Written By: - Date published: 12:57 pm, October 9th, 2018 - 185 comments
Categories: Abuse of power, accountability, capitalism, class war, corruption, Deep stuff, democracy under attack, Dirty Politics, International, Politics, Russia, Spying, Syria - Tags: novichok, russia, vladimir putin
Website Bellingcat claims to have identified the second spy involved in the poisoning of Sergei Skripal. He’s Alexander Mishkin, a doctor working for Russia’s GRU intelligence agency.
The website said it had tracked down Mishkin’s real identity after being given a scanned copy of his actual passport. Bellingcat confirmed Mishkins details with people who knew him and by using open source information.
In September, Bellingcat identified the other spy as Colonel Anatoliy Chepiga, a special forces veteran.
Mishkin and Chepiga allegedly poisoned Skripal and his daughter Yulia in Salisbury in March using the Soviet nerve agent novichok. Both arrived and left the UK using false identities; Ruslan Boshirov and Alexander Petrov.
It’s terrific investigative work by Bellingcat, though it will lead nowhere. The two men will never face justice for their crimes, though there may be karmic retribution if Moscow decides it would be cleaner if they just disappeared.
The Salisbury poisonings will go down in history as one of the most incompetent spying operations this century. The only similar case I can think of is the Rainbow Warrior bombing, where the French killers were that over confident that they stayed on in NZ holidaying when they could have easily left.
Mishkin and Chepiga’s bizarro TV interview needs to be seen in the context of an organisation, and a state, that simply doesn’t give a toss about the truth.
So why does this all matter?
The Russian Federation is a mafia state. It has aligned itself with some of the most odious regimes in the world, both in terms of state and non-state players. It has used (and probably bankrolled) the right wing anti-democracy website Wikileaks in a successful attempt to subvert the last American election. It continues cyber warfare in the US and elsewhere, working to erode trust in democratic institutions.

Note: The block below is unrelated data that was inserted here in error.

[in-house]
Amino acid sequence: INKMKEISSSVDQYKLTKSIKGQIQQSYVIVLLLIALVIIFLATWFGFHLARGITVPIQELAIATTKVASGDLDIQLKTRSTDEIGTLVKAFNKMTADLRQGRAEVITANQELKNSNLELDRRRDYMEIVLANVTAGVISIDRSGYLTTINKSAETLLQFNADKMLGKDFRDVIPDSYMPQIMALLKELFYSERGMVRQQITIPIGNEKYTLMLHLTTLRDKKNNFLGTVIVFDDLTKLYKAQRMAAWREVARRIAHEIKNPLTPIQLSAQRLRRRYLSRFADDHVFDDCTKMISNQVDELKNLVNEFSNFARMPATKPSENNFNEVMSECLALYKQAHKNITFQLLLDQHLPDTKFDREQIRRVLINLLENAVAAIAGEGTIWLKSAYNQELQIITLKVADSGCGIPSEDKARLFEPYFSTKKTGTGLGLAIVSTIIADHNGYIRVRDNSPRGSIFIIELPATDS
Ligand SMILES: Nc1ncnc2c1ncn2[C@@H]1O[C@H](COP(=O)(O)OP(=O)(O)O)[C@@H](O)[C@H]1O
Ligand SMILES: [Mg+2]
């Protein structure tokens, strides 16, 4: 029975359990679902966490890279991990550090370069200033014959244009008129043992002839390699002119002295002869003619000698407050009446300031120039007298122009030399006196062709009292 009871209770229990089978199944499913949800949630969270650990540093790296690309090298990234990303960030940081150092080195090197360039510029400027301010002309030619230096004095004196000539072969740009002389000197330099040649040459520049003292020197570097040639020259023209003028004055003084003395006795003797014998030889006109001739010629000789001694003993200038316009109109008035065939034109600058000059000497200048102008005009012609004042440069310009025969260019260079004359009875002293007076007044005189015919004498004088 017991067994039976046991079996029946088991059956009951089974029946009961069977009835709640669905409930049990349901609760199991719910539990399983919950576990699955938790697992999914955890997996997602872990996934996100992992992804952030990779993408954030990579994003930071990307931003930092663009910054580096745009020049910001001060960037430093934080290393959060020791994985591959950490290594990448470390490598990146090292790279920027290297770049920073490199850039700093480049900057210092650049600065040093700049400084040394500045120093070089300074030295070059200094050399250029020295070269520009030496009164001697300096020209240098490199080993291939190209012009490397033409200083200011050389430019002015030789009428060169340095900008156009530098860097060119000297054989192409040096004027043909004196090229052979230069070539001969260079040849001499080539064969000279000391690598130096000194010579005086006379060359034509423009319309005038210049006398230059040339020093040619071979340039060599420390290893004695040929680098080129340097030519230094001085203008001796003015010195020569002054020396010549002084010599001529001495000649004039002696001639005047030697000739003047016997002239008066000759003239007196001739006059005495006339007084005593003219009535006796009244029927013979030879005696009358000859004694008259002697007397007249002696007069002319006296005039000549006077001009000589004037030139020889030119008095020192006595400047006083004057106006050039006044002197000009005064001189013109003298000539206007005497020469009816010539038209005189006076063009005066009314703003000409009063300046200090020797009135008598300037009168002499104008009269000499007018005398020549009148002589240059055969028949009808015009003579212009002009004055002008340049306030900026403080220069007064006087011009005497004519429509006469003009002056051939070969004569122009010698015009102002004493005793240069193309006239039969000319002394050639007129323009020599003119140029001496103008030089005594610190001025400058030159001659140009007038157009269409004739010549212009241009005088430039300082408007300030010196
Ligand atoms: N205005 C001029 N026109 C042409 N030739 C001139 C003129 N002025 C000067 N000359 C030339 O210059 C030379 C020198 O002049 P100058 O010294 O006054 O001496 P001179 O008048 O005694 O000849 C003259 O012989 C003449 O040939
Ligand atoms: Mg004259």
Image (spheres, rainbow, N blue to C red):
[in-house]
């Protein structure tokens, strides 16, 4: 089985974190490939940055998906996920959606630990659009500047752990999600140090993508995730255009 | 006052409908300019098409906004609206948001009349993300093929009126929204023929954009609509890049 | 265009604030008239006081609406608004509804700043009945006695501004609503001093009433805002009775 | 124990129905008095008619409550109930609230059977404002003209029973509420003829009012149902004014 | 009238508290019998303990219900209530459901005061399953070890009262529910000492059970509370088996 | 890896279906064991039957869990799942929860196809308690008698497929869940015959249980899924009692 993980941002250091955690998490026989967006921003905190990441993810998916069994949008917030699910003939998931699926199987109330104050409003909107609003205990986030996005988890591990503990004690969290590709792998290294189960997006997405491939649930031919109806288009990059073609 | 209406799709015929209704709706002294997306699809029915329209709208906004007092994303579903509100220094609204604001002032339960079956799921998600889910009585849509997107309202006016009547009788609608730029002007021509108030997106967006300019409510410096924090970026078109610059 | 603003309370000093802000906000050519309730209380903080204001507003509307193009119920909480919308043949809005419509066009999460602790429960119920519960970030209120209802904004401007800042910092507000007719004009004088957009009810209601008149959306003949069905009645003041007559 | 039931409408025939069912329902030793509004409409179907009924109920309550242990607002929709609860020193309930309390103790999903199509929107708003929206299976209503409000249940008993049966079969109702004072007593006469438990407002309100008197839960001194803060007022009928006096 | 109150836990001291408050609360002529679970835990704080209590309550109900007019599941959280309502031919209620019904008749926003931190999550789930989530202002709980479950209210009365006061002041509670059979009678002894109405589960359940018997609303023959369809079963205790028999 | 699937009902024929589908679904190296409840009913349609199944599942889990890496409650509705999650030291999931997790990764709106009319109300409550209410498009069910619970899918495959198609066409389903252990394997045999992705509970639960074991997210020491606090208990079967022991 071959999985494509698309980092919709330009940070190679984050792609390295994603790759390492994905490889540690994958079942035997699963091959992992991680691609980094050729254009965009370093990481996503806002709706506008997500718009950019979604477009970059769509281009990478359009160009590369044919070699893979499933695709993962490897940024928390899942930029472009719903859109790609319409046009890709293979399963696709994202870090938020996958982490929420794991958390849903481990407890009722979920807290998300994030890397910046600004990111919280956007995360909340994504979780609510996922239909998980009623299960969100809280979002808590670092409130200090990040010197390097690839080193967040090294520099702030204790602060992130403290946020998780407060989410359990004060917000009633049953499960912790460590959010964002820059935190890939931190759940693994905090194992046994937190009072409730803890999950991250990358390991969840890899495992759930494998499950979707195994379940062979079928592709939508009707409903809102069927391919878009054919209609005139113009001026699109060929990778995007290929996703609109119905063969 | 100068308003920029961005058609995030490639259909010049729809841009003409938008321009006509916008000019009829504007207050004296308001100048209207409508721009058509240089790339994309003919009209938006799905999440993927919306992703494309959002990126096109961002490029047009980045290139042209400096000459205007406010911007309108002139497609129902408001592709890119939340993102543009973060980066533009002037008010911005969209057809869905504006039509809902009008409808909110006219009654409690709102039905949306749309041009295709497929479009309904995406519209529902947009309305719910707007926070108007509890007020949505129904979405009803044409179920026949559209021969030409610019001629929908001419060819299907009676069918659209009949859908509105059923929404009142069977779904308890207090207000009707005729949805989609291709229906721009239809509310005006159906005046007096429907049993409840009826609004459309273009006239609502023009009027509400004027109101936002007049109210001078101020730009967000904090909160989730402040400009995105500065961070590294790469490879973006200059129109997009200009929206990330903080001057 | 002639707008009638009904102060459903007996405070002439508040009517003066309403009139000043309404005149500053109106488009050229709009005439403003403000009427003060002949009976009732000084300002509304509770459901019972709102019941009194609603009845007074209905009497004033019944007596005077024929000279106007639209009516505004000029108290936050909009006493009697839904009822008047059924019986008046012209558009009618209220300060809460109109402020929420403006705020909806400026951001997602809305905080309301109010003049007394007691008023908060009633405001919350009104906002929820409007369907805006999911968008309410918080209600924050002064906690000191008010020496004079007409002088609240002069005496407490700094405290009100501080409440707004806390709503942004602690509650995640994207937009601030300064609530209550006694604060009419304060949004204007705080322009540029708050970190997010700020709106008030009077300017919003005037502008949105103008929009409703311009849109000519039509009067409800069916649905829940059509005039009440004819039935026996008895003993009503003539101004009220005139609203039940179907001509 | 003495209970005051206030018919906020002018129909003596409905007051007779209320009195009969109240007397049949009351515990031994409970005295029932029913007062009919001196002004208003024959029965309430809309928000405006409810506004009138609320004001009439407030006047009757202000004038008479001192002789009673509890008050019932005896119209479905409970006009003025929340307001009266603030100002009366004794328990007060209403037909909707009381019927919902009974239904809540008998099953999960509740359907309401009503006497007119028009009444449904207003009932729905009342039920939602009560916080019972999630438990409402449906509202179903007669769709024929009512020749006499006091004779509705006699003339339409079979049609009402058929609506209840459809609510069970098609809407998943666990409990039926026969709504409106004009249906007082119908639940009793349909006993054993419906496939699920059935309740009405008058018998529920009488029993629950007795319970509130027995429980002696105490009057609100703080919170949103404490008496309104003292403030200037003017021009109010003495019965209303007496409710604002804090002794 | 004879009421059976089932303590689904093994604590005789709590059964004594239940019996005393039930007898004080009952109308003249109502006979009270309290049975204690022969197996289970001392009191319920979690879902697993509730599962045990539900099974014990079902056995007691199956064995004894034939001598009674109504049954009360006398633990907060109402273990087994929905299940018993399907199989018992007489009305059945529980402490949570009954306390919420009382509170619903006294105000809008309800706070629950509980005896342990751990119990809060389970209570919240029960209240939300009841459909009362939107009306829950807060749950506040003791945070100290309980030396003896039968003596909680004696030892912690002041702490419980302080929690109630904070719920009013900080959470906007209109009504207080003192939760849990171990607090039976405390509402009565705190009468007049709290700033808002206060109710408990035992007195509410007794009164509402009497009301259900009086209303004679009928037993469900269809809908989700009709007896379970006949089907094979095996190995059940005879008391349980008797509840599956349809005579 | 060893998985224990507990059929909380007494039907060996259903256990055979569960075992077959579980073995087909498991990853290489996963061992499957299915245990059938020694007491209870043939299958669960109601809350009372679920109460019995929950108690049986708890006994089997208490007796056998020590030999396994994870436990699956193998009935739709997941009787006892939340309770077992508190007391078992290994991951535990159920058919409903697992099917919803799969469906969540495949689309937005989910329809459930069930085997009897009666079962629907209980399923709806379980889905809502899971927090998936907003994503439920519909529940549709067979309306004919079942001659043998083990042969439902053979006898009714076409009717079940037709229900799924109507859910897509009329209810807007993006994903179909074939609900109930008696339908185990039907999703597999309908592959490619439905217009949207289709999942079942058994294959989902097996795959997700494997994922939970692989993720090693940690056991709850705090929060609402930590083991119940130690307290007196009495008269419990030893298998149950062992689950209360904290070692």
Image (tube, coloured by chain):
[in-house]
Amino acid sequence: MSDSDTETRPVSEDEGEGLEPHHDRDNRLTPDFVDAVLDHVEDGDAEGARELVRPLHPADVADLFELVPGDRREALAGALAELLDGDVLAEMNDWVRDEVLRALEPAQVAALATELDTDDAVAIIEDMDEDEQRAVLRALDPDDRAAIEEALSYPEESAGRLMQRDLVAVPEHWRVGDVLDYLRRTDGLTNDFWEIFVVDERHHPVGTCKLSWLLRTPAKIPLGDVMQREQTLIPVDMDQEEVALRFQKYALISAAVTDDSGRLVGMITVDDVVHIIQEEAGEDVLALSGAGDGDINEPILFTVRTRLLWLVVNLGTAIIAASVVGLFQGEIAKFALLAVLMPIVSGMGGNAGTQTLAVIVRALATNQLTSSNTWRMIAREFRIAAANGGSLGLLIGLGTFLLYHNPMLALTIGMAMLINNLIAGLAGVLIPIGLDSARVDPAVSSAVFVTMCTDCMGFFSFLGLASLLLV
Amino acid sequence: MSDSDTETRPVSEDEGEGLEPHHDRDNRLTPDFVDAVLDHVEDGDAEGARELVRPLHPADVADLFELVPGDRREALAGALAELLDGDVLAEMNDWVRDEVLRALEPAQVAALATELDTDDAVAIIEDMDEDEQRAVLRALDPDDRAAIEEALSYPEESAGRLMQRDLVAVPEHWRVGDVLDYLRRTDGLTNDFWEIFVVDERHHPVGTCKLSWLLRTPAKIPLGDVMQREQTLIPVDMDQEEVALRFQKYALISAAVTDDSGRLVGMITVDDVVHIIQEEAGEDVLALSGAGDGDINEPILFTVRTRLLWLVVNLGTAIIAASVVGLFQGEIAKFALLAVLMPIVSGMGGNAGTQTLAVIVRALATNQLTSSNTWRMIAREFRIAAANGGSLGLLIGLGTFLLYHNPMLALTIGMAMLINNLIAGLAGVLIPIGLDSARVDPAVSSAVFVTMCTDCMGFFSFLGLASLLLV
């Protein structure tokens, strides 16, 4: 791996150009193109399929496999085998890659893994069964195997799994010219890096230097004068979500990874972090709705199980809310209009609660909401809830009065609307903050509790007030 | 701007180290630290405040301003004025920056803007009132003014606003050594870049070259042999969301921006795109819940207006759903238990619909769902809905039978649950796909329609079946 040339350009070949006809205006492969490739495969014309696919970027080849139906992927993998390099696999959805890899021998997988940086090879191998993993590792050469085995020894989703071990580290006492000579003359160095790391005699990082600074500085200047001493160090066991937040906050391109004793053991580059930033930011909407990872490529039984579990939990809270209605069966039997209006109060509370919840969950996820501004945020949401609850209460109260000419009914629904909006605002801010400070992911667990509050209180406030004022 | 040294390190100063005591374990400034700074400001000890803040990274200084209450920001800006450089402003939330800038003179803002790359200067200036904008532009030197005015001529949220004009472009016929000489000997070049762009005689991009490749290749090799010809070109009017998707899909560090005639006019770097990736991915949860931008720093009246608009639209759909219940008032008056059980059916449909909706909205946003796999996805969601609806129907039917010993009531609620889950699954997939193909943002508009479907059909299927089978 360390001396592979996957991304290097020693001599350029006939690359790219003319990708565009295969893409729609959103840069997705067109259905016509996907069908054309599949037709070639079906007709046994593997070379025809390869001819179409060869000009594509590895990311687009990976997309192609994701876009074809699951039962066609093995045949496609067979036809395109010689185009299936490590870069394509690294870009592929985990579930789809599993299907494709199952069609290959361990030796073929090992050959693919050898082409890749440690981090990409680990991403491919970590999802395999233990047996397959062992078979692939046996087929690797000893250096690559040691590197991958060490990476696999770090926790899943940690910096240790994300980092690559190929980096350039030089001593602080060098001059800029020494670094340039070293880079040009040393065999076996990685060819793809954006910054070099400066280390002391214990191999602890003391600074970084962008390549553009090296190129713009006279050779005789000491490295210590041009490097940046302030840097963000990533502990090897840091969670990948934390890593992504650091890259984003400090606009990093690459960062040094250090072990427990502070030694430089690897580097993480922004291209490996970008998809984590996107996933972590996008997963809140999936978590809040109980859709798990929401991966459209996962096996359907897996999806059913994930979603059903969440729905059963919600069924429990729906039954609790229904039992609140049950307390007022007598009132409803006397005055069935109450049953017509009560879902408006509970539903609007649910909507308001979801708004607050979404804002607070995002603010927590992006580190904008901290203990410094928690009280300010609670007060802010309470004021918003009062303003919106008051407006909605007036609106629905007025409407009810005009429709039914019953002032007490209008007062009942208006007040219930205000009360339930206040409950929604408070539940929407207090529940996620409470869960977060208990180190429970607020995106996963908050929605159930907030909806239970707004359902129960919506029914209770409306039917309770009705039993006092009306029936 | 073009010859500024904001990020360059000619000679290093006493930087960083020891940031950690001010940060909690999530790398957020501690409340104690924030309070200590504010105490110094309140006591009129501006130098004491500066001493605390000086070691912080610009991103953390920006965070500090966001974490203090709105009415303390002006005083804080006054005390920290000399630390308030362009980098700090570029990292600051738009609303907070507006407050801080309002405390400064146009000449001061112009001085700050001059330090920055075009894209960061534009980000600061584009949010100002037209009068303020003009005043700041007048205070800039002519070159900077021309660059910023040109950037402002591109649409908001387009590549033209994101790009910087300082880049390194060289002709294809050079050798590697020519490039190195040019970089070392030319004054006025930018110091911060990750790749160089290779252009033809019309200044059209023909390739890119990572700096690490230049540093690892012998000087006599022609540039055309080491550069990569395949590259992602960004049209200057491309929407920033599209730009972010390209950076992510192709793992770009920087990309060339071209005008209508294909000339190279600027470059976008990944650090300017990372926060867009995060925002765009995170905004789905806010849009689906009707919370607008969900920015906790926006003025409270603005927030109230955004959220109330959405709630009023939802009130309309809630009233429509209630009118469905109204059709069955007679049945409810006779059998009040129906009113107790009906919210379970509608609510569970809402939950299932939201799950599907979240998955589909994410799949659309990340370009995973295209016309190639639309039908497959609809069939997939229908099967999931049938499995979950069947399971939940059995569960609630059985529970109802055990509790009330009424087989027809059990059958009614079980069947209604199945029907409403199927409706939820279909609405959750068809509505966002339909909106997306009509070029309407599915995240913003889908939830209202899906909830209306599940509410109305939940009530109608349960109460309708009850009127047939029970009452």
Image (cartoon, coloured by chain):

Why does it do this?
It is in Russia’s interest to bypass democratic norms. It makes a fair bit of its overseas earnings in the energy industry, in deals with dodgy ‘businessmen’ that are mostly free from independent Governmental oversight. It is able to spread its influence in the middle and far East by undermining cooperation between western countries and their allies. It is able to invade and annex the territory of neighbouring countries because the it has actively worked to lower the bar of what is acceptable diplomatic behaviour.
Russia does these things because it is profitable. The pursuit of money is the prime driver of the Putin gang. like most corpulent capitalists, there is just one golden rule; he who has the gold makes the rules.
The downside is that Russia blatantly thumbing it’s nose at the norms of the civilised world encourages other states to behave monstrously as well.
They committed this crime in their own consulate in the sovereign country of Turkey. There is no doubt that Khashoggi entered the consulate and the Saudi’s do not deny that. However, in a claim that could have come from the Kremlin, they say that every security camera in the building mystriously stopped recording when Khashoggi walked through the door. Apparently with a straight face, the Saudi’s are claiming to still be searching the building for him.
This is the kind of atrocity that Russia’s behaviour enables. The Salisbury poisoning may have failed in its prime objective, killing only an innocent local, Dawn Burgess, but it has succeeded in making the terrible acceptable.
A former editor of the Guardian, CP Snow, once said comment is free, but facts are sacred.
These days, comment is meaningless and facts are running scared.
If Moscow can’t be held accountable, if the Kremlin can’t be shamed, what hope is there in for the majority of the world’s citizens who live in similarly nasty regimes? If the oppressed can no longer aspire to freedom, because the very definition of freedom has been blurred, what is to be done?